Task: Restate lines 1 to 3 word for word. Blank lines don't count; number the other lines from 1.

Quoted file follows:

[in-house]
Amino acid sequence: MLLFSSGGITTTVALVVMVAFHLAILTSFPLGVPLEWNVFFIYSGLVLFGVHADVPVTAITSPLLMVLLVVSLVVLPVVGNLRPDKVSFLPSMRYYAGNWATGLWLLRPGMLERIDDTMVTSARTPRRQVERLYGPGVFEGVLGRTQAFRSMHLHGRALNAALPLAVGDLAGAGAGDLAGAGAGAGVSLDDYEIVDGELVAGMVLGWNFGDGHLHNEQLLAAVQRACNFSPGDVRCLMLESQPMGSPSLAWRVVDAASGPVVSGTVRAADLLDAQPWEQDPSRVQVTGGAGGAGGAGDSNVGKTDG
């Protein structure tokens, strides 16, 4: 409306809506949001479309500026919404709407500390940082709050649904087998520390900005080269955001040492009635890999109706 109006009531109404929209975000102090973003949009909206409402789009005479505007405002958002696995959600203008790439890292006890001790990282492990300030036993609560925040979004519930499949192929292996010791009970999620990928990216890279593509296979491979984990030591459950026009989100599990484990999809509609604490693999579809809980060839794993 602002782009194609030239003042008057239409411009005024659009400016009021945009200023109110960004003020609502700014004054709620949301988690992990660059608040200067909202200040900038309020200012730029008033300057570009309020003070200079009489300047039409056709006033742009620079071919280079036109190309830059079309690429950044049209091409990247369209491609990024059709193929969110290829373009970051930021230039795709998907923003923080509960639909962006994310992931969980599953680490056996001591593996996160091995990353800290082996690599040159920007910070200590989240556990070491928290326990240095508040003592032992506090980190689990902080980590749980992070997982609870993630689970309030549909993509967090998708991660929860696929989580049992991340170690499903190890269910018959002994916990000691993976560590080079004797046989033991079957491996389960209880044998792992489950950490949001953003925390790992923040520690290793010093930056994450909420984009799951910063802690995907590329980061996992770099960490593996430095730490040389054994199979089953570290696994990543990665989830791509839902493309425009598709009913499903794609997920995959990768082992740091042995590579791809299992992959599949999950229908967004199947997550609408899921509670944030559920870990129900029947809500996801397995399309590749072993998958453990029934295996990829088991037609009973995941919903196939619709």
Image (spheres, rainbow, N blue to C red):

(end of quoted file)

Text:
[in-house]
Amino acid sequence: MLLFSSGGITTTVALVVMVAFHLAILTSFPLGVPLEWNVFFIYSGLVLFGVHADVPVTAITSPLLMVLLVVSLVVLPVVGNLRPDKVSFLPSMRYYAGNWATGLWLLRPGMLERIDDTMVTSARTPRRQVERLYGPGVFEGVLGRTQAFRSMHLHGRALNAALPLAVGDLAGAGAGDLAGAGAGAGVSLDDYEIVDGELVAGMVLGWNFGDGHLHNEQLLAAVQRACNFSPGDVRCLMLESQPMGSPSLAWRVVDAASGPVVSGTVRAADLLDAQPWEQDPSRVQVTGGAGGAGGAGDSNVGKTDG
């Protein structure tokens, strides 16, 4: 409306809506949001479309500026919404709407500390940082709050649904087998520390900005080269955001040492009635890999109706 109006009531109404929209975000102090973003949009909206409402789009005479505007405002958002696995959600203008790439890292006890001790990282492990300030036993609560925040979004519930499949192929292996010791009970999620990928990216890279593509296979491979984990030591459950026009989100599990484990999809509609604490693999579809809980060839794993 602002782009194609030239003042008057239409411009005024659009400016009021945009200023109110960004003020609502700014004054709620949301988690992990660059608040200067909202200040900038309020200012730029008033300057570009309020003070200079009489300047039409056709006033742009620079071919280079036109190309830059079309690429950044049209091409990247369209491609990024059709193929969110290829373009970051930021230039795709998907923003923080509960639909962006994310992931969980599953680490056996001591593996996160091995990353800290082996690599040159920007910070200590989240556990070491928290326990240095508040003592032992506090980190689990902080980590749980992070997982609870993630689970309030549909993509967090998708991660929860696929989580049992991340170690499903190890269910018959002994916990000691993976560590080079004797046989033991079957491996389960209880044998792992489950950490949001953003925390790992923040520690290793010093930056994450909420984009799951910063802690995907590329980061996992770099960490593996430095730490040389054994199979089953570290696994990543990665989830791509839902493309425009598709009913499903794609997920995959990768082992740091042995590579791809299992992959599949999950229908967004199947997550609408899921509670944030559920870990129900029947809500996801397995399309590749072993998958453990029934295996990829088991037609009973995941919903196939619709």